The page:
The professional backgrounds of students entering our program varies depending on the stage of the mining cycle but in 2000 it is mining engineers (27 per cent), geologists (37 per cent), metallurgists (15 per cent), and commerce and other graduates (21 per cent). A good syndicate size is either three or four people. We seek typically to place one engineer, one geologist and one commerce (non-technical) graduate in each syndicate. We include metallurgists as a fourth member where possible. We like also to blend experience in syndicates with at least one senior person in each team. With visiting professors we often make suggestions of suitable syndicate groupings prior to the commencement of their respective courses.

4. Lessons and future challenges

The Master's program in Mineral Economics has, as a result of a lot of hard work and learning from early mistakes, become a success story. To reach this point it has been fortunate in receiving the support of the Metana Fund during its formative stages of development. In the years ahead it will have to develop and change to keep our competitive edge.

An important lesson is that it has taken considerable investment of human resources and instructional design to make the program successful in both an academic and financial way. The exercise has involved taking risks in an uncertain environment and the support of a considerable subsidy (probably about $300,000) in the early years has been essential to maintaining financial viability. To maintain a competitive edge, continuing investment in our product is a necessity. Our experience shares certain common ground with the well known "product cycle" theory proposed by Vernon (1966).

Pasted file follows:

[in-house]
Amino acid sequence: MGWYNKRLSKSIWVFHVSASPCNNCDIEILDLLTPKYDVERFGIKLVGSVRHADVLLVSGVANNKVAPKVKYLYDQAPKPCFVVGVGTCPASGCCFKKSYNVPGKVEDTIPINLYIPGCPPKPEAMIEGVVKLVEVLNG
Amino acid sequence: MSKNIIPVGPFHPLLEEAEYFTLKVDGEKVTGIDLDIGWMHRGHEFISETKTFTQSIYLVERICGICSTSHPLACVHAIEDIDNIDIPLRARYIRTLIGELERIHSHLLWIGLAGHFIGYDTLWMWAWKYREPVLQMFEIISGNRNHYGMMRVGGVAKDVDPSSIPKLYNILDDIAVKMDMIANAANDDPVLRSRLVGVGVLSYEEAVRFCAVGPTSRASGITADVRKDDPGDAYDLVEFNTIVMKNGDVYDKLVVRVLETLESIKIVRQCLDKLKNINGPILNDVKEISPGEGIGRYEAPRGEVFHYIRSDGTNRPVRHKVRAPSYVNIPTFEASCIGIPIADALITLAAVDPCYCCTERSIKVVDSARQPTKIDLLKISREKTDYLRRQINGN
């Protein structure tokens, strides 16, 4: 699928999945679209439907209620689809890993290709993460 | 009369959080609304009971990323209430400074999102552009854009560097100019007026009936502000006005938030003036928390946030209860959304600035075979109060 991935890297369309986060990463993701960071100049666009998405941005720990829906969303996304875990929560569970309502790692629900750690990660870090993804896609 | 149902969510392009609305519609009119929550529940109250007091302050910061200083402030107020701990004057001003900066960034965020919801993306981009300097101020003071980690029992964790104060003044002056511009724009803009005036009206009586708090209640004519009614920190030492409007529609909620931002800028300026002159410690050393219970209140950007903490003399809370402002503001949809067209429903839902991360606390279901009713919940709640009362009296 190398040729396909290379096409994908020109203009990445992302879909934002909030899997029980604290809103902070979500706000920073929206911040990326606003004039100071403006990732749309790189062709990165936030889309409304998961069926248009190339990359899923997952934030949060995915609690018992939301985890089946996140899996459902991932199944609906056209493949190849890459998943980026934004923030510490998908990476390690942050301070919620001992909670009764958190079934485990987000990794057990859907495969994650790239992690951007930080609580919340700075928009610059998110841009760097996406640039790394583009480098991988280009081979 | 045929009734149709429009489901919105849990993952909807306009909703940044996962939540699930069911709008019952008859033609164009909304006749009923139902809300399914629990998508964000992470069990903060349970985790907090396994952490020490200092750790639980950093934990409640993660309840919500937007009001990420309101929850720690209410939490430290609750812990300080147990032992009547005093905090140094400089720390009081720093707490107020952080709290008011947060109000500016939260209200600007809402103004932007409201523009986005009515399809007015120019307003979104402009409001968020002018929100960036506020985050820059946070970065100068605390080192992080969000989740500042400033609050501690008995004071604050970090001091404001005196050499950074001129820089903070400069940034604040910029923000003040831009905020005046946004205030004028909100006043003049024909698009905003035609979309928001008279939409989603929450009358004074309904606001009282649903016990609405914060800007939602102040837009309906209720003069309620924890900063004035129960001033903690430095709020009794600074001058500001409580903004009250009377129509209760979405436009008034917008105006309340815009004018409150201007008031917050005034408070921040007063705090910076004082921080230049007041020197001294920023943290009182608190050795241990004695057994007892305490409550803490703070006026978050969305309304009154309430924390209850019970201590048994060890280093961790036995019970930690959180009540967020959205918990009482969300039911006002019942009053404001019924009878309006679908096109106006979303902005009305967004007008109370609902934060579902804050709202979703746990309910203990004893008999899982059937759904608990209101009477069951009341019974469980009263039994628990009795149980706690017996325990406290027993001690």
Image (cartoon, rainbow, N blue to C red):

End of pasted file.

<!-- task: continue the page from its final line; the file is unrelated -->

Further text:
Our experience offers some guidance for senior colleagues, whose role it is to provide academic leadership in supporting the development of fee paying postgraduate coursework programs. With rare exceptions these courses must be subsidised in their early years. Such subsidies might come from far sighted industry gifts (as in our case) or from implicit subsidies from other programs within the sponsoring school. The latter source seems the most likely in most cases. It is important that academic leaders recognise this point clearly. If they do not, and this sometimes happens, programs will fail. Shortsighted policies have been responsible for the failure of many apparently successful programs in the past.

Successful fee paying graduate coursework programs have considerable potential to lift the reputation of an institution among rising industry decision makers. They can achieve this potential quite quickly. Failed programs have the opposite effect. It is important therefore to nurture and encourage the development of such programs. Equally it is essential not to provide excessive long term subsidies to struggling programs whose principals use the "infant industry" range of arguments to seek assistance.